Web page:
Review: All-Clad Stainless Cookware with d5 Technology



Remember my post about how much I love All-Clad Stainless cookware? Someone at All-Clad read it, too. They got in touch with me, and asked if they could send a sample of their new line of cookware to test out.
"Of course!" I said. "What is it?" That's when they told me they were updating their Stainless cookware line with new technology.

I could not believe it.  I love their Stainless cookware, and thought they would have a hard time improving it.  I asked for a 12 inch fry pan for the review.  It's my workhorse pan, and I thought it would be the best way to test their changes.
*Remember the FTC disclosure policy I wrote a while back?  Here's my first chance to disclose anything: All-Clad sent me a free pan to try out.

What are the changes?
The new "d5" Stainless pans have an extra layer of stainless steel in the middle of the cladding, resulting in five layers of metal in the pan: (picture below):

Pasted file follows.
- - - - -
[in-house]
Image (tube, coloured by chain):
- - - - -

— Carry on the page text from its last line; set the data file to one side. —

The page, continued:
Stainless with d5 technology, cross section

All-Clad says this makes the pan heat 20% more evenly, makes it more energy efficient, and makes it more durable.

The d5 handles have also been redesigned to make them more comfortable.  And their saucepans have been given pouring lips.
*Finally! If there was one thing I would have changed in their pans, adding a pouring lip to the saucepans would have been it.

Are the d5 pans better?
I have to admit that I was skeptical.  Did they really improve the pans?  The regular All-Clad Stainless pans are the best pans I've ever used.  They heat evenly, and hold on to the heat; you get better, more even browning from them.  They perform head and shoulders above any other pan I've owned, including aluminum clad pans from other manufacturers.  That's why I wrote my post on how much I love them.
*Well, that, and it was an excuse to tell you about their factory sale.

Better searing:
I didn't think they'd be able to do it, but they did.  They made my favorite pans even better.  The d5 pan heats up faster, and holds that heat longer than my older Stainless pan. This results in excellent searing:




*Yes, that's the seared beef picture from my Texas chili recipe.  I was holding out on you!  I was testing the d5 pan, but I wasn't allowed to talk about it yet.  I feel so guilty...so ashamed...OK, I'm over it.